A spate of corporate earnings reports from the oil patch this week may give a give a hint as to whether the pricing pressures facing the sector will translate into scaled down spending plans in the coming months.
Oil companies have been dealing with a dramatic price discount for oil produced in Canada, relative to the price of the North American benchmark crude, West Texas intermediate, or the world benchmark, Brent crude. The cause is a glut of oil in the U.S. Midwest, and a lack of pipeline capacity to get Canadian crude to market.
At the same time, natural gas prices remain depressed, and there is no sign of a significant recovery in the near future.
All of this will likely be reflected in the reports from Encana Corp., Cenovus Energy Inc., Talisman Energy Inc. and Precision Drilling Corp., the major industry players that report in the next few days.
Last week, Suncor Energy Inc. disappointed investors with a $1.5-billion writedown of its Voyageur oil sands upgrader project, and Husky Energy missed analyst profit estimates.
But it is not the short-term results that will get most of the attention, it is the longer-term outlook reflected in capital spending plans that could signal a period of lowered expectations in the energy business.
The market is clearly worried about “price realization” – the gap in what companies receive for their oil relative to broader market pricing – said Randy Ollenberger, an analyst at BMO Nesbitt Burns.
“We have got some relatively healthy oil prices, but what producers in Canada are actually capturing is significantly lower,” he said. “That does impact the near-term cash flow and earnings of these companies, but if it is not resolved it could start to have an impact on their development plans.” Still, he said, it is probably too early for companies to shift their spending plans dramatically “because we are still waiting for things like the Keystone XL decision.”
Encana is likely to get the most attention, because it is set to release its guidance for 2013 along with the fourth-quarter earnings on Thursday, and this will reveal its expectations for the coming year. “The focus there will be on the capital spending,” Mr. Ollenberger said.
Andrew Potter, an analyst at CIBC World Markets, said he “would not be surprised to see [Encana] adopt a slightly more conservative cap-ex plan in 2013.”
Mr. Potter will also be looking for some “colour” on Encana’s succession plans, following the surprise retirement of long-time chief executive officer Randy Eresman in January. Board member Clayton Woitas took over on an interim basis, and a search process is under way.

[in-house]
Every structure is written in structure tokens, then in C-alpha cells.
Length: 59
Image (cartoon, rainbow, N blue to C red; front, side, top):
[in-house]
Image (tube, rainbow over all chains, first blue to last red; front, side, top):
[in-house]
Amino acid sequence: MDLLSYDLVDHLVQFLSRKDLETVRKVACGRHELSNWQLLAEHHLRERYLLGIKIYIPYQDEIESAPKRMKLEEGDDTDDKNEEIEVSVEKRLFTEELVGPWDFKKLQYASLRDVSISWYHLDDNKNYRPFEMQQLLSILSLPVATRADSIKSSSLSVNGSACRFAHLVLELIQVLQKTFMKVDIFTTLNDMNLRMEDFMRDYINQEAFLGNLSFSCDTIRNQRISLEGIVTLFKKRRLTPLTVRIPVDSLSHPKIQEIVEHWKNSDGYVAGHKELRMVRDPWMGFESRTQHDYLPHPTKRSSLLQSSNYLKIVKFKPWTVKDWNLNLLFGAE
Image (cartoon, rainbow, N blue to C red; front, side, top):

At Cenovus, the oil company spun off from Encana by Mr. Eresman in 2009, Mr. Potter is watching for an update on its future oil sands projects, and the results from its emerging light oil operations.
At natural gas producer Talsiman, investors and analysts will be focusing on the cutbacks and asset sales the firm has said it will make in the coming months to try to improve its profits. In late January, Talisman announced plans to chop at least 20 per cent from its administration costs, and to trim its portfolio.
Talisman faces even more pressure now that activist investor Greg Boland has targeted the company, and his investment firm West Face Capital has acquired a stake. He is demanding that Talisman refocus its portfolio of energy projects, and he wants it to stop paying a dividend.
Talisman is set to meet investors in March to outline details of its new plans, but there will certainly be questions from analysts on these issues in its conference call Wednesday.
At Precision Drilling, a firm whose fortunes rise and fall with activity with its oil and gas clients, investors will be looking for a rebound from the third quarter, when it missed expectations and reported a sharp drop in profits. Analysts have been enthusiastic recently about the company’s discipline in cutting capital spending, while taking advantage of the upgrades it made on its rig fleet over the past few years.